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Keshav Mohta

Webpack with Express.js server with multiple entry

/ 3 min read

How to Use Webpack with Node.js Express Based Project with Multiple Entry Points

At, I host native HTML/CSS and JavaScript pages using Parcel and AWS Amplify. Initially, I started with a single HTML page and gradually broke it down into separate scripts, styles, and added images and custom fonts.

In my local setup, I use Express and Node.js to run the server. However, for deployment, a single script to build everything is required. This is where bundlers like webpack come into play, although I also experimented with Parcel.

This blog focuses on converting Node.js Express-based web pages with multiple entry points, allowing different URLs for each page and incorporating backlinks to return to the main page.

How it started

I began with a simple game involving HTML, CSS, and basic JavaScript. The HTML page displayed an alphabet list with CSS grid styling and hover effects. Here’s a snippet:

display: grid;
/* other css */
<header><h1> Alphabet list</h1>
<main> </main>
<script type="text/javascript">
const varnmala = Array.from({ length: 26 }, (_, i) => String.fromCodePoint(65 + i));
// then append to `main`

How it grows

As the project expanded, I separated scripts and styles into their respective folders, maintaining a clean structure. Here’s a snippet:

Terminal window
├── project
│   ├── index.html
│   ├── style.css
│   ├── script.js

and page changes to this

<link type="text/css" rel="stylesheet" href="./style.css" />
<header><h1> Alphabet list</h1>
<main> </main>
<script async type="text/javascript" src="./script.js">

entry of Node.js

With the addition of more games, I needed to handle multiple routes efficiently. This involved integrating Node.js and Express, setting up routes for each page, and serving static files. Here’s a snippet from the server setup:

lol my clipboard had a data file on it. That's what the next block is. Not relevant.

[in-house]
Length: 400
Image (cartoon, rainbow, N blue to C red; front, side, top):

[Insert server setup snippet]

entry of webpack

As the project complexity grew, I restructured the folder organization, added common scripts, and configured webpack. This allowed for multiple entry points and streamlined development. Here’s a glimpse of the updated folder structure:

Terminal window
├── assets
│   ├── fonts
│   │   ├── AnandaBlackPersonalUseRegular-rg9Rx.ttf
│   │   ├── atkinson-hyperlegible-regular-102-webfont.woff2
│   │   ├── open-sans-v15-latin-ext_latin-700.woff
│   ├── images
│   │   ├── background
│   │   │   ├── banana.jpg
│   │   │   └── zero.jpg
├── common
│   ├── constants.js
│   ├── helper.js
│   └── utils.js
├── html
│   ├── about.html
│   ├── canvas.html
│   ├── capital.html
│   ├── draw.html
│   ├── hide-n-seek.html
│   ├── index.html
│   ├── kannada.html
│   └── math.html
├── index.js
├── mappers
│   └── alphabet.js
├── scripts
│   ├── about.js
│   ├── canvas.js
│   ├── capital.js
│   ├── draw.js
│   ├── hide-n-seek.js
│   ├── kannada.js
│   └── math.js
├── server
│   ├── index.js
│   └── server.js
└── styles
├── about.css
├── base.css
├── canvas.css
├── capital.css
├── draw.css
├── hide-n-seek.css
├── index.css
├── kannada.css
└── math.css

Deployment phase

To address the issue of frequent rebuilds during development, I integrated webpack configurations into the Express server. This enabled hot reloading for JavaScript changes without server restarts. Here’s a summary of the changes made:W

This setup, though not without flaws, serves my purpose well, offering multiple entry points and enabling seamless development with Express and webpack. You can find detailed configurations in the provided repository.

I hope this walkthrough proves helpful to others transitioning from Node.js and Express to webpack-based workflows.

Later, I deployed the project to AWS Amplify for hosting.